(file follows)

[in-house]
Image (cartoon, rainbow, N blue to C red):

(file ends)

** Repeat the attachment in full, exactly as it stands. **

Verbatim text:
[in-house]
Image (cartoon, rainbow, N blue to C red):